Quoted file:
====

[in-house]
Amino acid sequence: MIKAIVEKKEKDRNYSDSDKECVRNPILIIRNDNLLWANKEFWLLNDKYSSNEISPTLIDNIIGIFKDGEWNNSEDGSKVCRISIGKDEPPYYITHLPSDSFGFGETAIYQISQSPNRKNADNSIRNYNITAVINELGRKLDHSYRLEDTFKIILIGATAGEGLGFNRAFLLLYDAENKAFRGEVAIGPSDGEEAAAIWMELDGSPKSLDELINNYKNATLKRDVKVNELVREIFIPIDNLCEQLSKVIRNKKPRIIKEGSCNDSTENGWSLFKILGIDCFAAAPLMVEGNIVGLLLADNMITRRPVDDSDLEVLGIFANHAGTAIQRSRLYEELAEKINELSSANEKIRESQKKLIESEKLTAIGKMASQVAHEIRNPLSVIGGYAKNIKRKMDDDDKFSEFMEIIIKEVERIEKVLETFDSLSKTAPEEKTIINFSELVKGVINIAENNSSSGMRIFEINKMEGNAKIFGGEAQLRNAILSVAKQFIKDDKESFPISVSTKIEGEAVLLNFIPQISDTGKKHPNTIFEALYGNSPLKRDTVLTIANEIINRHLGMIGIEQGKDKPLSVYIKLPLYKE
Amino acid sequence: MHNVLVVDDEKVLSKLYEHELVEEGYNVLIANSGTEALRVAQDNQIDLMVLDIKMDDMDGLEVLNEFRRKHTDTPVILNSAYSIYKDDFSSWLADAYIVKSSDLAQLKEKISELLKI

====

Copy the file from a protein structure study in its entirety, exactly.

[in-house]
Amino acid sequence: MIKAIVEKKEKDRNYSDSDKECVRNPILIIRNDNLLWANKEFWLLNDKYSSNEISPTLIDNIIGIFKDGEWNNSEDGSKVCRISIGKDEPPYYITHLPSDSFGFGETAIYQISQSPNRKNADNSIRNYNITAVINELGRKLDHSYRLEDTFKIILIGATAGEGLGFNRAFLLLYDAENKAFRGEVAIGPSDGEEAAAIWMELDGSPKSLDELINNYKNATLKRDVKVNELVREIFIPIDNLCEQLSKVIRNKKPRIIKEGSCNDSTENGWSLFKILGIDCFAAAPLMVEGNIVGLLLADNMITRRPVDDSDLEVLGIFANHAGTAIQRSRLYEELAEKINELSSANEKIRESQKKLIESEKLTAIGKMASQVAHEIRNPLSVIGGYAKNIKRKMDDDDKFSEFMEIIIKEVERIEKVLETFDSLSKTAPEEKTIINFSELVKGVINIAENNSSSGMRIFEINKMEGNAKIFGGEAQLRNAILSVAKQFIKDDKESFPISVSTKIEGEAVLLNFIPQISDTGKKHPNTIFEALYGNSPLKRDTVLTIANEIINRHLGMIGIEQGKDKPLSVYIKLPLYKE
Amino acid sequence: MHNVLVVDDEKVLSKLYEHELVEEGYNVLIANSGTEALRVAQDNQIDLMVLDIKMDDMDGLEVLNEFRRKHTDTPVILNSAYSIYKDDFSSWLADAYIVKSSDLAQLKEKISELLKI